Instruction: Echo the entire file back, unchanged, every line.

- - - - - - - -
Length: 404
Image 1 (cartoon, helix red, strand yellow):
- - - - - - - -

Length: 404
Image 1 (cartoon, helix red, strand yellow):